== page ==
It costs about RM4 million a year to feed the animals at the Taiping Zoo. With rising expenses, the 14.4ha zoo is seeking contributions to cover the expenses of animal feed.
Established in 1961, the zoo has 1,300 animals from 140 species of mammals, birds, reptiles and fish. This makes its upkeep costs increasingly challenging. It introduced an adoption programme in 1994 to get sponsors to cover the cost of animal feed. It received between 600,000 and 700,000 visitors last year.
The pandas in Zoo Negara in Kuala Lumpur are housed in a 1.6ha air-conditioned complex. The monthly maintenance cost of the pandas is around RM60,000. The yearly cost amounts to RM720,000.
On top of that, the zoo needs to pay a one-off rental cost amounting to US$600,000 (RM2.4 million) for the pandas, which does not include its annual insurance premium of RM200,000. That is a huge sum to maintain two pandas compared with 1,300 animals in the Taiping Zoo.
The Ministry of Natural Resources and Environment also spent almost RM400,000 to train eight veterinary officers in preparation for the arrival of two pandas from China.
Zoos in other parts of the world are also facing difficulties in meeting the costs of maintaining pandas. Some are facing possible financial ruins.
Malaysian Zoological Society president Datuk Seri Zaharin Md Arif said Zoo Negara has no plans to extend the period to keep Nuan Nuan, due to the high maintenance cost. All the expenses are borne by the zoo.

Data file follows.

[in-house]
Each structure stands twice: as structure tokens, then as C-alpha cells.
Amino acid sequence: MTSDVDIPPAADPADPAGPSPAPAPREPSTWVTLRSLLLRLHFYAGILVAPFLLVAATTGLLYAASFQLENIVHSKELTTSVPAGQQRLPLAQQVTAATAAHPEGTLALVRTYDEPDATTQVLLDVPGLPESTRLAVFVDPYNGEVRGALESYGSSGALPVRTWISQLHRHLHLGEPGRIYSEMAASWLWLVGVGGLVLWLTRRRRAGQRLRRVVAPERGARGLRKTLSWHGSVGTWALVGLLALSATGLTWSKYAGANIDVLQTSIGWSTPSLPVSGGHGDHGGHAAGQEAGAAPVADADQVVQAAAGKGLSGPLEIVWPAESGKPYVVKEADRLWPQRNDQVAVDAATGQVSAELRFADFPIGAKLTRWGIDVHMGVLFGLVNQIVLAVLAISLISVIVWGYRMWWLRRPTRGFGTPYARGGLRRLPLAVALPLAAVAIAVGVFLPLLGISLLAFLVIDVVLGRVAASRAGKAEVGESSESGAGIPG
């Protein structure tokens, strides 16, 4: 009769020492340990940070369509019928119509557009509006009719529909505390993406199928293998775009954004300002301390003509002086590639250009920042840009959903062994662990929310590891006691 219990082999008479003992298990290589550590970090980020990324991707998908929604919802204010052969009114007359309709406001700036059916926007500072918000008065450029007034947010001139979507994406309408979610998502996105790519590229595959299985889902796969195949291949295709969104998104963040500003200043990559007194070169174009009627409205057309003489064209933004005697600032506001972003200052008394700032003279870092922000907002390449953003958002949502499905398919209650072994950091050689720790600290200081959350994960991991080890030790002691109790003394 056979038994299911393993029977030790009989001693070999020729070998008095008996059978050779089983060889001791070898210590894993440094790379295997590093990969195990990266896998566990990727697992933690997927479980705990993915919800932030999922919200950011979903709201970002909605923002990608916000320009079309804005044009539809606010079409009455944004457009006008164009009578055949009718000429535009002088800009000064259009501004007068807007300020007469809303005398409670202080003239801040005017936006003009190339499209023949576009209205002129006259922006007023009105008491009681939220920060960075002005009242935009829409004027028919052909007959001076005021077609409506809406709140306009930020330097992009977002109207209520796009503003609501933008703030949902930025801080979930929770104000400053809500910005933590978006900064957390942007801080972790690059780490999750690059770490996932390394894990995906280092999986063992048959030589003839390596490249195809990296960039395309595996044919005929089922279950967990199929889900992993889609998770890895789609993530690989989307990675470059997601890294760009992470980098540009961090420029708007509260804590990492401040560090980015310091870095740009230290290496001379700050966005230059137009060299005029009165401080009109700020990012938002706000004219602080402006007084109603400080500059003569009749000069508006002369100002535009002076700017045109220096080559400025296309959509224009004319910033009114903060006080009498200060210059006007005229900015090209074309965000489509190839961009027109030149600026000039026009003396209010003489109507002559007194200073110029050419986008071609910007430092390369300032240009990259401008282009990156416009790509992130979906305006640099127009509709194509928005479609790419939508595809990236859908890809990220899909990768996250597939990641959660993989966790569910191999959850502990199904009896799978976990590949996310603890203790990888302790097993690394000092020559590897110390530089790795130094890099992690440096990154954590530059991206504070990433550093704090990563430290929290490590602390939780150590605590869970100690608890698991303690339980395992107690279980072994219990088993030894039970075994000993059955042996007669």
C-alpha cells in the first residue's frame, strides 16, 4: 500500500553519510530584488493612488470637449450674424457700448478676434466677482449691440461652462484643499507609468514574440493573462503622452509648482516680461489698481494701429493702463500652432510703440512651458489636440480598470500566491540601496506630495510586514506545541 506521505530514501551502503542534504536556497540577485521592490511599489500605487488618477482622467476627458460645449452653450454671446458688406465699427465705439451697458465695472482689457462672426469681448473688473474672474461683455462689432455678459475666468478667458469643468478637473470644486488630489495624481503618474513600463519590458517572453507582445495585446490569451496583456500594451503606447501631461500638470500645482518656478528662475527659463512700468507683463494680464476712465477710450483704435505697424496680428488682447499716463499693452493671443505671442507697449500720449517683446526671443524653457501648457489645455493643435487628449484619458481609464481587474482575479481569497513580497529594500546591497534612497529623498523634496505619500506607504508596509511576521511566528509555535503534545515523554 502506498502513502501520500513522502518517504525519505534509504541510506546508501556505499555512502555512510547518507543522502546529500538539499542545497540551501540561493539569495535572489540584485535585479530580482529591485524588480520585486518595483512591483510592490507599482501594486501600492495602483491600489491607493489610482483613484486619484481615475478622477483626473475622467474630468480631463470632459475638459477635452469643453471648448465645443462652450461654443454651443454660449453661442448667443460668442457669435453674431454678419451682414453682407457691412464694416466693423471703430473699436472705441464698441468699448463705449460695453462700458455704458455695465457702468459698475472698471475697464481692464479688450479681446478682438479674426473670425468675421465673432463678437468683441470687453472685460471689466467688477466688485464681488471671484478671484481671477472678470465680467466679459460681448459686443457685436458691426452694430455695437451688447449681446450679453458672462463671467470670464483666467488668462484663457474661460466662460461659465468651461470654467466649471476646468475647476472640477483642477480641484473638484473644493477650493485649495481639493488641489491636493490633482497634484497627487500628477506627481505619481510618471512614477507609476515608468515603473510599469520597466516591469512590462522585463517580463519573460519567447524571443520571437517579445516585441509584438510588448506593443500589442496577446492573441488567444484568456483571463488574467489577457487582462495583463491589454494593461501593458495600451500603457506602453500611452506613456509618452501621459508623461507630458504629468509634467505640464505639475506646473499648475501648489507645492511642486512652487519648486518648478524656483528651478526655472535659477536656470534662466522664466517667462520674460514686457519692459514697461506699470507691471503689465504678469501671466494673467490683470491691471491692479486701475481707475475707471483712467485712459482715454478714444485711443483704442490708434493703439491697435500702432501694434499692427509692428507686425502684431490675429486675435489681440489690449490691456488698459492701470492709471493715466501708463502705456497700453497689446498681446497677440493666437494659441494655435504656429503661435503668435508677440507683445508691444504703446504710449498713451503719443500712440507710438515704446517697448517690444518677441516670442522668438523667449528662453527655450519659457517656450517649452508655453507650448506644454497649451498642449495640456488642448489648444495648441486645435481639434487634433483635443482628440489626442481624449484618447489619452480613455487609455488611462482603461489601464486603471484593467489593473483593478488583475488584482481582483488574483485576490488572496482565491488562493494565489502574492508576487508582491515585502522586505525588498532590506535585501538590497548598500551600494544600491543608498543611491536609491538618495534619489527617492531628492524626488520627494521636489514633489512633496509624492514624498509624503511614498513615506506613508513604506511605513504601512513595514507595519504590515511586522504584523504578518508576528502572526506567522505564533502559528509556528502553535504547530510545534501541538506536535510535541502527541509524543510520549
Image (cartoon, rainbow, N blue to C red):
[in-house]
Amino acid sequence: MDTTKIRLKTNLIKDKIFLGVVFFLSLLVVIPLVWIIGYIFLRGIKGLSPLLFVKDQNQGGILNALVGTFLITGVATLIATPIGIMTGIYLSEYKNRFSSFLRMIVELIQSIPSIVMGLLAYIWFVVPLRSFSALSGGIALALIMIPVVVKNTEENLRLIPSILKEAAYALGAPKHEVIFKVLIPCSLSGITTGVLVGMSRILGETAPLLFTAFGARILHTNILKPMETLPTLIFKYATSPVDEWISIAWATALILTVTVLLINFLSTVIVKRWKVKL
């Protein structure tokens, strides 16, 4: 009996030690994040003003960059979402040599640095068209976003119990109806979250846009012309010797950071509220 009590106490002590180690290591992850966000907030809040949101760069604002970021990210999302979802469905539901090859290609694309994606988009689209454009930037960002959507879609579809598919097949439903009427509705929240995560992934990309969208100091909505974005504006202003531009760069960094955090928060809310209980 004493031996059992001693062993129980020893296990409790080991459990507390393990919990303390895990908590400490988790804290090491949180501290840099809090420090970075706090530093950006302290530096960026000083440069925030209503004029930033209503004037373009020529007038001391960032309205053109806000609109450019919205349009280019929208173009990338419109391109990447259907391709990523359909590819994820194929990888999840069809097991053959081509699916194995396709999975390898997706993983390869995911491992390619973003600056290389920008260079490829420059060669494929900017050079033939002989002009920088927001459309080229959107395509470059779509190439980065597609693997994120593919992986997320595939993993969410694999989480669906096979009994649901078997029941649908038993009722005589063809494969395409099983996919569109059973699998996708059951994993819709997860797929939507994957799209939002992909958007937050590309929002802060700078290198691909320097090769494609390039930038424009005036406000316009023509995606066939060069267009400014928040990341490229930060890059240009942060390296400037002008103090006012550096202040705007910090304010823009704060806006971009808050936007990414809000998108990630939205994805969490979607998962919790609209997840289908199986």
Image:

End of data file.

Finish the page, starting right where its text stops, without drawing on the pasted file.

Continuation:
Pandas are the most expensive animal in the world to keep. Due to their appearance, they are adored and are easily recognisable. They are considered as global icons forconservation and ambassadors for all threatened species.
Malaysian received the panda couple, previously named Fu Wa and Feng Yi on May 21, 2014, to mark the 40th anniversary of diplomatic ties between Malaysia and China. A cub, Nuan Nuan, was born on Aug 18, last year.
These make the pandas more than zoo exhibits, which is why those who objected to spending so much on them were criticised for putting money before an invaluable investment for animal conservation and diplomatic ties between the two countries.
But this doesn’t mean we stopped being prudent about where the money is spent. A comparison of the amounts spent on the pandas and all the animals in Taiping Zoo shows how disproportionate the cost per animal is.
Sahabat Alam Malaysia (SAM) president S M Mohd Idris is right in pointing out that the money could be channelled to better use. He says: “The expense of captive breeding pandas raises a serious question of whether this one species is really worth all that money that could be better spent on our megafauna – large animals – such as elephants, tigers and rhinos?
“Malaysia is facing an ugly situation whereby these animals are worth more dead than alive in the places they live and conservation is not pursuing new avenues of thought on how to better protect them. On this account they are all staring extinction in the face.”
“For all the cash spent on pandas we could protect a lot more species over a range of habitats including the upgrade of equipment, staffing and strategies in the fight against sophisticated smugglers who employ the latest technology to deceive (wildlife protection) officers.”
The panda diplomacy programme has shifted from protecting pandas in the wild to attracting paying customers in zoos and boost the tourism dollars. In addition pandas have become political and profitable bartering tools, he says.
Opinions will be divided on this, but we cannot ignore the need to be more prudent in how we spend our money.